August 2012
Volume 12, Issue 9
Vision Sciences Society Annual Meeting Abstract  |   August 2012
Positive affect broadens perceptual tuning curves.
Author Affiliations
  • Stefan Uddenberg
    Psychological and Brain Sciences, Dartmouth College
  • Won Mok Shim
    Psychological and Brain Sciences, Dartmouth College
Journal of Vision August 2012, Vol.12, 11. doi:
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      Stefan Uddenberg, Won Mok Shim; Positive affect broadens perceptual tuning curves.. Journal of Vision 2012;12(9):11.

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      © ARVO (1962-2015); The Authors (2016-present)

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Previous research has shown that positive mood broadens the scope of visual attention, from facilitating more holistic processing of figures to expanding the spatial extent of one’s attentional spotlight (Rowe, Hirsh, & Anderson, 2006). However, it remains unclear whether the broadening effect of positive affect can be generalized to feature space. The present study investigated the hypothesis that positive affect also serves to broaden the scope of feature-based attention, reducing selectivity along a given feature dimension. While undergoing a musical mood induction procedure for each of three affective conditions (positive, neutral or negative) subjects made rapid responses to the presence of a target direction (leftward or rightward) evinced by a peripheral, circular aperture of grey dots. These dots moved coherently in brief pulses, with a different random direction for each pulse (± 80° centered on target direction, with 10° steps) (Busse, Katzner, Tillmann, & Treue, 2008). We extracted perceptual direction tuning curves by reverse-correlating subjects’ responses with the motion sequence and compared the width of the tuning curves across three mood induction conditions. The results show that positive affect yields broader direction tuning curves (as shown by greater FWHM) than did negative affect, but not neutral affect. This finding suggests that positive states result in a diffusion of attention across feature space.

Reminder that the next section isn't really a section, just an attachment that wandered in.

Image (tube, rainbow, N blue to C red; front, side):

Meeting abstract presented at VSS 2012


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